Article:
These Are Some of the Most Fascinating Vintage Watches to Hit the Auction Block

These timepieces have dials signed by both their manufacturers and the retailers at which they were sold.


Thematic auctions are an interesting way to differentiate a particular group of vintage watches from the crowd, though some themes are more interesting than others. One of the most exciting recent thematic auctions is the upcoming Double Signed: A Celebration of the Finest Partnerships Between Manufacturers and Retailers from Phillips, which is occurring on November 9th in Geneva.

“Double Signed” is a celebration of watches whose dials feature both the name of the manufacturer and that of the particular retailer at which they were offered for sale. Why are these watches notable? For one thing, they marry a watch to a particular moment of time — certain retailers are no longer in business, for example, while certain manufacturers no longer follow the practice of allowing their modern timepieces to be stamped by retailers (you’re not going to come across a modern Tiffany-signed Rolex GMT Master II). In fact, there are relatively few manufacturers today whose dials you’ll find adorned with a retailer signature (retailer-signed Patek is a notable exception).

Finding one of these watches in good condition can feel like discovering a time capsule — the signature automatically tells you which market a watch was sold in, and between the signature and the model and reference of the timepiece, a knowledgable watch lover can glean myriad interesting information. A Serpico Y Laino-signed Rolex, for example, would had to have been sold in Caracas, Venezuela, where the famed retailer was located, sometime before 1966 when the shop closed.

To gain some more insight, we recently spoke with Phillips’s Alex Ghotbi, Head of Watches for Europe and the Middle East, about the curation of the Double Signed lots and why they’re so exciting for watch lovers.


Q: Retailer-signed watches from the major Swiss brands used to be commonplace in the early to mid-20th century, even with respect to smaller retailers that might not be known outside of local markets. Why did this practice of double-signing watches die out?
A: We have to ask brands. It more or less died off in the late 60s, early 70s. Could it be because of the Quartz Crisis — when the brands recovered and moved on to making special editions for retailers rather than double-signed watches? For example, a Vacheron from the early 1990s for Asprey, and the Asprey name is on the case. So the whole relationship kind of changed to making specific limited edition watches for the particular retailer. The only brand I see doing double-signed in modern times is Patek — Tiffany and Patek. But nothing else.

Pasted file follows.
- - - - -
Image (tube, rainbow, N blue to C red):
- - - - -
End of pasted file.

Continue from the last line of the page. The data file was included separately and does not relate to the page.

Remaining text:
Q: Yes — Rolex once allowed their dials to be signed by local retailers the world over, but now this practice is all but dead. Tudor, however, will occasionally release a special edition dial with a retailer. Is this a calculated move on Rolex’s part to relegate retailer-signed watches to its sister brand?
A: I think Rolex is so stringent in what they can and can’t do in terms of design and product that basically they’re not introducing new models, just evolutions of existing models — perhaps with the exception of the Sky Dweller. Tudor, from the outside, looks to be the younger sibling who’s given more freedom, maybe as a sort of lab or testing ground. Rolex would never come out with a black PVD watch, for example, but Tudor will. Rolex has decided to be serious and to let Tudor have more freedom.

Q: How much does pricing for these pieces depend on the fame of a retailer — Asprey vs. Tiffany, for example? And how is pricing different for a retailer-signed watch that is otherwise fairly common, such as a steel Datejust, or a 5513?